• Miki Goerdt

Depression in older adults

Depression is a mental illness with the following main symptoms: sadness, loss of interest, depressed mood, social withdrawal, hopelessness, desire/plan to harm self, fatigue, insomnia, excessive guilt, and unworthiness.

According to CDC, 1-5% of older adults living at home in the United States are experiencing depression. This rate goes up to 13.5% when seniors need professional help at home such as home healthcare. Older adults are at high risk for depression because they experience multiple medical conditions, which limit their functioning. Yet many seniors are not getting treatment for depression. Depression is a treatable condition—Once they start to receive treatment, there is a good chance that they will feel better. So what stops them from getting the treatment they need?

(1) Depression manifests differently in older adults

The typical picture of a depressed person may not fit when you are talking about a senior who is experiencing depression. Most of young people would describe depression with sadness (depressed mood), lack of interest, and low energy as the main symptoms. However, when seniors are experiencing depression, their first complain is often related to physical symptoms—fatigue, pain, and insomnia. When there is an unexplained physical symptom in seniors, depression should be the first factor to be explored by medical professionals. They may become paranoid and accuse a family member for stealing things. They may tell you that they have been more forgetful. These symptoms can be easily misdiagnosed as other conditions often seen in senior population such as physical problems, delusional disorder, or dementia. When a person gets a wrong diagnosis, he or she doesn’t get the right treatment for depression.

(2) Depression in older adults is often misdiagnosed as dementia

Depression can affect one’s ability to concentrate. This is a symptom of depression that can be seen in anyone regardless of their age. But when older adults express concern over their ability to concentrate, this is often misdiagnosed as dementia. You may find the chart in the following link to be helpful: http://geropsychiatriceducation.vch.ca/docs/edu-downloads/dementia/3D_comparison_VIHA.pdf It also lists characteristics of delirium, another condition that is often misdiagnosed in older adults. In the real life setting, these three conditions look remarkably similar—the reason why it’s important to seek an assessment and treatment from professionals who specialize in mental health treatment of older adults.

(3) The society portrays older adults as “unhappy”

If you look at TV shows and movies in the American society, you can find a plenty examples of how media portrays older adults as “grumpy” and “unhappy,” insinuating that there aren’t much to look forward to in life when one grows older. This stereotype contributes people to see depression as an acceptable and expected condition for older adults.  Some older adults end up believing the same stereotype to be true, and they don’t seek treatment for it because they think it’s part of the aging process and they don’t think they can get better.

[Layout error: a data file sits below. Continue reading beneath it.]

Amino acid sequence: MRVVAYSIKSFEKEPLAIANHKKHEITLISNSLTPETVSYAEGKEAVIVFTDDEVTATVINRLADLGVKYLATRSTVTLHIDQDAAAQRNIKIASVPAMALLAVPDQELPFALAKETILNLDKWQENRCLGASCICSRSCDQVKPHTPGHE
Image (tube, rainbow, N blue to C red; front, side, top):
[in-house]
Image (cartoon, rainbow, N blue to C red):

(4) Older adults hesitate to seek mental health treatment due to stigma

According to the study conducted by Conner et al in 2011, the public stigma about getting mental health treatment affects older adults’ attitude about the treatment and the willingness to seek treatment. The negative impact of the stigma is more impactful in African American older adults than Caucasian older adults.

Why am I spelling out these barriers? I am writing them here, wanting you to know that there is a very good reason why older adults should seek treatment despite these barriers: Depression is a treatable condition, and this is true for older adults as well as any other people. Once an accurate diagnosis is made, there is a light at the end of the dark tunnel. You don’t have to put up with the symptoms alone—there is a help out there. To get the accurate diagnosis and appropriate help, it is important to look for a psychiatrist or a therapist who specializes in older adults

I love the title of the brochure made by SAMSA—“Good mental health is ageless” (see https://store.samhsa.gov/shin/content//SMA15-3618/SMA15-3618.pdf), because it is so true.  Yes we lose many things as we age, and this can feel depressing to some. But there are different ways to think about what we lose and how we age. That’s what therapy is about. Just last week, my 77-year-old client decided to stop seeing me for therapy after 4 months of bi-weekly therapy. Why did she stop coming? It’s because….she felt better! In her words, “I feel so much happier inside.”


Center for Disease Control and Prevention. “Depression is not a normal part of growing older.” Retreived on 7/15/18 from https://www.cdc.gov/aging/mentalhealth/depression.htm

Conner, K. O., Copeland, V. C., Grote, N. K., Koeske, G., Rosen, D., Reynolds, C. F., & Brown, C. (2010). Mental Health Treatment Seeking Among Older Adults with Depression: The Impact of Stigma and Race. The American Journal of Geriatric Psychiatry : Official Journal of the American Association for Geriatric Psychiatry18(6), 531–543. http://doi.org/10.1097/JGP.0b013e3181cc0366

McInnis-Dittrich, K. (2014). Social work with older adults (4th ed.). Boston, MA: Pearson.

Substance Abuse and mental health services administration (2015). Good mental health is Ageless. Retrieved on 7/18/18 from https://store.samhsa.gov/shin/content/SMA11-4631CD-DVD/SMA11-4631CD-DVD-KeyIssues.pdf

Vancouver Island Health Authority. THE 3 D’s: Comparison of Depression, delirium, and dementia. Retreived on 7/16/18 from http://geropsychiatriceducation.vch.ca/docs/edu-downloads/dementia/3D_comparison_VIHA.pdf

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